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The living space in this new home built by Global Green in the Lower Ninth Ward of New Orleans is elevated four feet (1.2 m) to keep it above expected flood level. Numerous other "passive survivability" features are included.
A lot of people have been working for a long time to try to head off global warming — and some progress is being made. Buildings are becoming more energy-efficient, fuel economy standards for vehicles are finally rising again, and use of renewable energy is burgeoning. We need to continue these efforts to reduce greenhouse gas emissions and sequester carbon dioxide, but the reality is that it's too little, too late to prevent climate change. Even if the CO2 spigot were turned off tomorrow, the earth would still see significant warming and the other predicted impacts of climate change: more intense storms, flooding, drought, wildfire, and power interruptions. It's time to design our buildings and the built environment to adapt to the very different climate that scientists say is going to be with us. That's the subject of the feature article in our September 2009 issue of Environmental Building News: "Design for Adaptation: Living in a Climate-Changing World" (requires log-in) (no login required — see Alex Wilson's note in the comments, below). Andrea Ward and I interviewed some of the nation's top climate scientists, including Stephen Schneider, Ph.D., of Stanford, and Jonathan Overpeck, Ph.D., of the University of Arizona, to establish context for the article — making the case that not only is climate change happening, but it's happening more rapidly than the best climate models predicted just two years ago. We address the question of mitigation vs. adaptation — whether we should put effort into preventing climate change or adapting to it — and argue that we must do both simultaneously. "The bottom line is that you've got to adapt to what won't get mitigated," says Schneider in the article. Moving on, we focus on measures for adapting to climate change. We describe 36 strategies, organized into five categories, providing context for each of the categories and succinct explanation for each strategy. These strategies are listed briefly here (details appear in the full article): Warmer temperatures
  • Design cooling-load avoidance measures into buildings
  • Design natural ventilation into buildings
  • Limit internal gains by specifying high-efficiency lighting and equipment
  • Model energy performance with higher cooling design temperatures
  • Provide landscaping to minimize cooling requirements
  • Address urban heat islands in building design and landscaping
  • Plan for termite ranges extending north
Drought and water shortages
  • Avoid new development in the driest regions
  • Specify water-efficient fixtures and appliances
  • Plumb buildings with water-conserving fixtures in mind
  • Plumb buildings for graywater separation
  • Harvest rainwater
  • Plant native, climatically appropriate trees and other vegetation
More intense storms, flooding, and rising sea levels
  • Avoid building in (expanding) flood zones
  • Expand stormwater management capacity and rely on natural systems
  • Design buildings to survive extreme winds
  • Raise buildings off the ground
  • Specify materials that can survive flooding
  • Install specialized components to protect buildings from flooding or allow flooding with minimal damage
  • Elevate mechanical and electrical equipment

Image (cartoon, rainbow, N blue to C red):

• Install check valves in sewer lines
  • Begin planning for rising sea levels in coastal areas
  • Specify Class A roofing
  • Eliminate gutters or design and maintain them to minimize fire risk
  • Avoid vented roofs or protect vents from ember entry
  • Install high-performance, tempered windows
  • Choose deck materials carefully
  • Install noncombustible siding
  • Manage vegetation around homes
Power interruptions
  • Design buildings to maintain passive survivability
  • Provide dual-mode operability with high-rise buildings
  • Design mechanical systems to operate on DC power
  • Provide site-generated electricity from renewable energy
  • Provide solar hot water
  • In urban and suburban areas, maintain access to the sun
  • Plan and zone communities to maintain functionality without power
The article also describes the work Global Green is doing in New Orleans to create homes that are better adapted to climate change, and we take a brief look at the idea of "engineering" our way out of the climate crisis (intentionally modifying the climate to offset or balance the warming that's occurring). If there is good news in all this, it is that most of the measures that help us adapt to climate change have other benefits, such as reducing operating costs, improving building durability, and reducing environmental degradation. The challenges are huge, but green building practices are at the leading edge of both mitigation and adaptation to climate change. You can follow my musings about this and more on Twitter.

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1 Given the widespread interest posted by Alex Wilson on 09/13/2009 at 08:32 am

Given the widespread interest this article has attracted, we have decided to make it available for free. Comments and feedback welcome! -Alex

2 Thanks for the information an posted by Storage Containers on 09/28/2009 at 11:08 pm

Thanks for the information and i think that the new construction will be better than the older one and i hope that people accept the new construction as they accepted the old one.Day by day in the global world buildings are design in Eco Green Constructions.Which is favourable for changes in climate conditions such as intense storms, flooding, drought, wildfire, and power interruptions.

Thanks, Storage Containers,

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